Tuesday 11 July 2023, 20:30

Final preparations and technological advances lay the foundations for refereeing at Australia & New Zealand 2023

  • Referees undergoing intensive preparations for FIFA Women’s World Cup Australia & New Zealand 2023

  • Technology a key ally

  • In-stadium communication between match officials to be introduced

The countdown to the start of the FIFA Women’s World Cup Australia & New Zealand 2023™ is almost over.

The 32 participating nations are not the only ones putting the finishing touches to their preparations. FIFA Team One – the referees, assistant referees and video match officials – are also busy ironing out the last few details as they get ready for the tournament.

“Our aim at the FIFA Women’s World Cup 2023 is to offer the very highest standard of refereeing for the competition,” said FIFA Referees Committee Chairperson Pierluigi Collina. “I’m not wrong in saying that this is the most important FIFA competition in 2023, which is why this has to be our goal. We will do all we can to achieve it. The most important thing is that the referees are very well prepared. We have been working very hard to ensure they are ready for the start of the competition and we will continue to do so.”

So how have those preparations been going, what innovations can we look forward to at Australia & New Zealand 2023 and what role will technology play at the tournament. FIFA.com looks at four key aspects.

Referees Seminar III STARTS Montevideo

Detailed preparations

“We have put a lot into preparing the match officials for this important tournament,” said Kari Seitz, FIFA Head of Refereeing, Women. “We have done various things, not just preparing the match officials but making up for time lost because of the pandemic. We shouldn’t forget that it happened right in between France 2019 and Australia & New Zealand 2023, which meant that we had to cancel FIFA competitions that were vital to our preparations for the match officials.”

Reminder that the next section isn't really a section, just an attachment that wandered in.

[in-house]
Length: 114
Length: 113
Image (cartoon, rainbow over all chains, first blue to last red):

Even so, the last four years have seen a total of 16 competitions and specific activities for referees. Some of the candidates for Australia & New Zealand 2023 also took part in four FIFA men’s competitions, including the FIFA World Cup Qatar 2022™.

FIFA Women’s World Cup 2023™

Match Officials, in numbers

match officials in total

referees and support referees

assistant referees

video match officials, six of them women

Refereeing coaches have also been hired to supervise the match officials, assess the performances and provide regular feedback. During the course of the project, referees have also been training with FIFA fitness coaches, while medical staff have been working with them to ensure they are fully fit and in good shape for the tournament.

A final ten-day preparatory seminar is taking place at FIFA Team One’s base in Sydney on 9-18 July. Attendees will take part in daily theory and practical sessions with the players and also take part in the Referee Cup, a tournament that will match officials vital match preparation for the Women’s World Cup itself.

Video assistant referee (VAR)

The VAR system used at Qatar 2022 will be employed against Australia & New Zealand 2023. The technology was used at France 2019 and yielded positive results.

In which situations will VAR be used?